The F1000Research (http://f1000research.com/) publishing model is much more in synch with the way software is developed. Each software tool published can be updated at any time as a new version (clearly linked to the original and previous versions of the article) allowing any new code, tweaks and features to be documented with relative ease. Furthermore, F1000Research ensures that all the code and related data are freely available from the paper. A usable copy of the code as it was at the time of publication remains available, with the code being forked into an archival F1000Research space within the same repository used by the authors. A copy of the code as at the time of publication is also assigned a persistent identifier to eliminate any ambiguity about the code that is described in the article. Additionally, F1000Research ensures the paper includes a link to the author’s own working repository, so that readers can easily navigate to the latest version of the source code. By taking these measures, users are able to establish the provenance of the code and reuse it easily, hence supporting the reproducibility of the software, which ultimately contributes to making the software more robust. F1000Research also uses open peer review, providing an additional layer of validation for published software articles. Experts from the scientific community are invited to constructively critique the software and lay the foundations for any improvements. Having these reviews, together with any user comments, open to everyone helps to mirror the collaborative approach encouraged by open source initiatives and embraces the open source community' ethos.
By aligning with the requirements of publishing software, F1000Research has started to encourage computational science software developers to create an F1000Research Article Collection to augment their open source software projects. In February 2014, we launched the BioJS Collection which comprises individual software components, each of which are like a standard Lego-like pieces for building web applications that visualise biological data4.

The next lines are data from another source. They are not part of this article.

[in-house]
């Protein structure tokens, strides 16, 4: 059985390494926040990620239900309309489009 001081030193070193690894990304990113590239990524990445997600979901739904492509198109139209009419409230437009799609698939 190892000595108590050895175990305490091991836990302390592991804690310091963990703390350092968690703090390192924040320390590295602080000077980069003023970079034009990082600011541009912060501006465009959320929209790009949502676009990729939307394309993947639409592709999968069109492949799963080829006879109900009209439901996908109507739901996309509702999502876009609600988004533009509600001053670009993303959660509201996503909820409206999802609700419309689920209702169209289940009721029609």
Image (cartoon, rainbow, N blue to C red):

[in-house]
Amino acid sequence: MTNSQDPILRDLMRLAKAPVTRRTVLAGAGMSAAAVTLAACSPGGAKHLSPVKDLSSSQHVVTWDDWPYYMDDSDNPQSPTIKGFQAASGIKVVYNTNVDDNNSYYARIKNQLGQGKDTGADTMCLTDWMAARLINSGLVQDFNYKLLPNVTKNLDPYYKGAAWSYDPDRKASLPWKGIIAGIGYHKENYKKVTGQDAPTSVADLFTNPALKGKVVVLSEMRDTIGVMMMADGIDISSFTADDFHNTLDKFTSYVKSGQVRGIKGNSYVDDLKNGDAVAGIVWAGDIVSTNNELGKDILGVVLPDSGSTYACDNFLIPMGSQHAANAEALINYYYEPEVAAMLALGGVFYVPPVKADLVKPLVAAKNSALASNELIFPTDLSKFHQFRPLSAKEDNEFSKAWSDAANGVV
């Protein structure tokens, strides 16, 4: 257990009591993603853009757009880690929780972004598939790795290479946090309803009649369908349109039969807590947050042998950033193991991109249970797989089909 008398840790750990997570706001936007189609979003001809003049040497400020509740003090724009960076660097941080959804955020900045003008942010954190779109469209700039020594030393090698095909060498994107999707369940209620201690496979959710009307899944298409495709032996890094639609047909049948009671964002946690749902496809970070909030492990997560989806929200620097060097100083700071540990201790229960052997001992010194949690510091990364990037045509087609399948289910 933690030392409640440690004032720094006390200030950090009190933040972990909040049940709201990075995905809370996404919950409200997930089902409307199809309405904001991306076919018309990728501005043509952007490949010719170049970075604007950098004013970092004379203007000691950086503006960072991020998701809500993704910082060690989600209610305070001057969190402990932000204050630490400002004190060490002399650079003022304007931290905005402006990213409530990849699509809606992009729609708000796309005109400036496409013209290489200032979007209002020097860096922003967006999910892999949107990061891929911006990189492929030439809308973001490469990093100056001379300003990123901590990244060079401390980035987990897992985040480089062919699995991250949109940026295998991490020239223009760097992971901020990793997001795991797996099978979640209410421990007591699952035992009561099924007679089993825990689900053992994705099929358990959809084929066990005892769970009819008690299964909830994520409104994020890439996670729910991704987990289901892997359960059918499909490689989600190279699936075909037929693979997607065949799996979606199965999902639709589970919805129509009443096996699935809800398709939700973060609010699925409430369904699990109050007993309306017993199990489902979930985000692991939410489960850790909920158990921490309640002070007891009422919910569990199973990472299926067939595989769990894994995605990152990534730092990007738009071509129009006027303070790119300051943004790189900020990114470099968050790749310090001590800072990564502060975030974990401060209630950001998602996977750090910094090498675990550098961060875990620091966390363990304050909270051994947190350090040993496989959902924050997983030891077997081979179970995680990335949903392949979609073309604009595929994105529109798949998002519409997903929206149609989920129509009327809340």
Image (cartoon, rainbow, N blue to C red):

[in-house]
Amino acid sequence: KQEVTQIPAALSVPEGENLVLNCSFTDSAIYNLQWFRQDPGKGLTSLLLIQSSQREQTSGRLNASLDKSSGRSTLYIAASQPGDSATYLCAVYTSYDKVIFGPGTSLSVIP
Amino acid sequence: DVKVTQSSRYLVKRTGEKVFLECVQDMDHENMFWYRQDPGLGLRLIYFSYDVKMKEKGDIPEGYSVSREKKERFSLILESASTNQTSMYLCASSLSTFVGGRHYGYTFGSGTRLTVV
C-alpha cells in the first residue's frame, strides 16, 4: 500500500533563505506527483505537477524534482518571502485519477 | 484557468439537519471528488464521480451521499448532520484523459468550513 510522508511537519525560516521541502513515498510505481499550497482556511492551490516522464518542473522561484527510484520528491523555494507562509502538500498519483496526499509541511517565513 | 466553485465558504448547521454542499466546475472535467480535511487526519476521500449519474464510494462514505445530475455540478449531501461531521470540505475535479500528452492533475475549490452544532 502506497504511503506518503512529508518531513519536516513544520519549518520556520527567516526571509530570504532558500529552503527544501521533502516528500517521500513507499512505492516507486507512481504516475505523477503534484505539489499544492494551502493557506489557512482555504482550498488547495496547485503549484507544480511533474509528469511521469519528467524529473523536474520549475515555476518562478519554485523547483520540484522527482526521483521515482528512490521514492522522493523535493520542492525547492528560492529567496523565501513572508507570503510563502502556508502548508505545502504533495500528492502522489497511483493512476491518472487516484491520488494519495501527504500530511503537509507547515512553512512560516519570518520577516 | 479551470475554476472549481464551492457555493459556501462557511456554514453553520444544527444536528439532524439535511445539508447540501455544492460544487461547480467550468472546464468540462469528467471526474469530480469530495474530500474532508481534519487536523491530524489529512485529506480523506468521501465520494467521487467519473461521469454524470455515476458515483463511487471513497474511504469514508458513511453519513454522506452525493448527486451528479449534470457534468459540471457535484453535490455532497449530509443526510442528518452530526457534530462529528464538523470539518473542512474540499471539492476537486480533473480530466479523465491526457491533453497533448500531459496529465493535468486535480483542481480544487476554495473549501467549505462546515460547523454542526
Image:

With this poster, we will discuss the novel requirements associated specifically with the needs of articles associated with open source software development, and discuss new publishing opportunities that better reflect and support those needs for the benefit of both software developers and scientific researchers as a whole.
Presenting author: Nickolay Khazanov, Thermo Fisher Scientific, United States
Sean Eddy, Thermo Fisher Scientific, United States
Marry Ellen, Thermo Fisher Scientific, United States
Jia Li, Thermo Fisher Scientific, United States
Mark Tomilo, Thermo Fisher Scientific, United States
Dinesh Cyanam, Thermo Fisher Scientific, United States
Armand Bankhead, Thermo Fisher Scientific, United States
Sarah Anstead, Thermo Fisher Scientific, United States
Nikki Bonnevich, Thermo Fisher Scientific, United States
Becky Steck, Thermo Fisher Scientific, United States
Peter Wyngaard, Thermo Fisher Scientific, United States
Seth Sadis Thermo Fisher Scientific, United States
Emma Bowden Thermo Fisher Scientific, United States
Bryan Johnson Thermo Fisher Scientific, United States
Dan Rhodes Thermo Fisher Scientific, United States
Here we present our framework for mining the multi-dimensional NGS data in the Oncomine® Knowledge Base for candidate driver lesions across dozens of cancer types and candidate drug targets. An integrative framework was designed to compute associations among driver mutations, fusions and copy alterations to define the driver aberration landscape of common cancers, then correlate the drivers to clinical metadata. Genes were ranked through associations with patient survival, and potential clinical actionability.
We verified the majority of known driver genes across samples from major cancer types, and nominated novel infrequently altered potential drivers. We found strong evidence implicating NFE2L2 as an oncogene. Recurrent NFE2L2 mutations were found in samples from multiple cancer types and associated with poor outcome in head and neck squamous cell carcinoma. We also investigated KEAP1, a repressor of NFE2L2 activity. Mutations in KEAP1 tended to localize within the NFE2L2 binding domains and did not co-occur with NFE2L2 recurrent mutations. Genes up-regulated in NFE2L2 or KEAP1 mutant samples significantly associated with genes up-regulated in chemotherapy-resistant cell lines. Using cell line exome data we were also able to identify cell lines representative of samples from clinical populations containing the significant mutations.
Analysis of 8,000 cancer exomes from the Oncomine® Knowledge Base to identify NFE2L2 pathway as a novel therapeutic opportunity in multiple cancer types.